## Summary

A stationary process $Z_t$ has multiplicative autocorrelation when $\operatorname{Cor}\!\left[{ Z_t}, { Z_r}\right] = \operatorname{Cor}\!\left[{ Z_t}, { Z_s}\right] \operatorname{Cor}\!\left[{ Z_s}, { Z_r}\right]$ for all $t \le s \le r$. Autocorrelation is defined as $\operatorname{Cor}\!\left[{ Z_t}, { Z_s}\right] := \frac{ \operatorname{Cov}\!\left[{ Z_t}, { Z_s}\right] }{\sigma^2}$ with $\sigma^2 = \operatorname{Var}({ Z_t})$.

A stationary autoregressive process has multiplicative autocorrelation [1]. However, not all stationary Markov processes have multiplicative autocorrelation. See the section below about a real-valued 3-state Markov chain for a counterexample.

Among discrete-time stationary processes, only autoregressive processes have multiplicative autocorrelation. Some Markov processes are not obviously autoregressive processes even though technically they are. For example, all stationary real-valued two-state Markov chains are autoregressive (and thus also have multiplicative autocorrelation).

## Multiplicative autocorrelation implies autoregression

Consider any real-valued discrete-time stationary Markov process $Z'_t$ and translate it to $Z_t := Z'_t - {\operatorname{E}\!\left[{ Z'_t}\right]}$ without loss of generality.

Let \begin{aligned} \sigma^2 & := \operatorname{Var}({ Z_t}) \\ \rho & := \operatorname{Cov}\!\left[{ Z_t}, { Z_{t+1}}\right] / \sigma^2 \end{aligned}

Multiplicative autocorrelation implies \begin{aligned} \operatorname{Cor}\!\left[{ Z_t}, { Z_{t+n}}\right] & = \rho^n \\ \operatorname{Cov}\!\left[{ Z_t}, { Z_{t+n}}\right] & = \rho^n \sigma^2 \end{aligned}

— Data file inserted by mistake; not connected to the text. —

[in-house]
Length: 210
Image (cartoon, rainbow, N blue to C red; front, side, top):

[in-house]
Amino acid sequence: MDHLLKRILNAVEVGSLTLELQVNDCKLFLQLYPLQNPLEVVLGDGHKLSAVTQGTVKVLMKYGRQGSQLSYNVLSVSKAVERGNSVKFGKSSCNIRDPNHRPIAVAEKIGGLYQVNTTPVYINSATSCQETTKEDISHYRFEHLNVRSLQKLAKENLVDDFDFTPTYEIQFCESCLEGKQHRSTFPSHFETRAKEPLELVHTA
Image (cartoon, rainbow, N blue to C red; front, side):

Define what will be shown to be “white noise” of $Z_t$ as autoregressive process: $\epsilon_t := Z_t - \rho Z_{t-1}$ By convenient translation, \begin{aligned} {\operatorname{E}\!\left[{ Z_t}\right]} & = 0 \\ \epsilon_t & = 0 \\ \operatorname{Cov}\!\left[{ Z_t}, { Z_s}\right] & = {\operatorname{E}\!\left[{ Z_t Z_s}\right]} \\ {\operatorname{E}\!\left[{ Z_t^2}\right]} & = \sigma^2 \\ {\operatorname{E}\!\left[{ Z_t Z_{t+1}}\right]} & = \rho \end{aligned}

Consider any $n > 0$. \begin{aligned} {\operatorname{E}\!\left[{ \epsilon_t \epsilon_{t+n}}\right]} & = {\operatorname{E}\!\left[{ (Z_t - \rho Z_{t-1})(Z_{t+n} - \rho Z_{t+n-1})}\right]} \\ & = {\operatorname{E}\!\left[{ Z_t Z_{t+n}}\right]} + \rho^2 {\operatorname{E}\!\left[{ Z_{t-1} Z_{t+n-1}}\right]} - \rho ({\operatorname{E}\!\left[{ Z_t Z_{t+n-1}}\right]} + {\operatorname{E}\!\left[{ Z_{t-1} Z_{t+n}}\right]}) \\ & = (1 + \rho^2) \rho^n \sigma^2 - \rho (\rho^{n-1} \sigma^2 + \rho^{n+1} \sigma^2) \\ & = 0 \end{aligned} thus $\epsilon_t$ satisfies the “white noise” condition for expressing $Z_t$ as the autoregressive process $Z_{t+1} = \rho Z_t + \epsilon_t$ QED

## Real-valued 2-state Markov chain

For any stationary two-state Markov chain [1] $Z_t$, $\operatorname{Cor}\!\left[{ Z_t}, { Z_0}\right] = \operatorname{Cor}\!\left[{ Z_t}, { Z_s}\right] \operatorname{Cor}\!\left[{ Z_s}, { Z_0}\right]$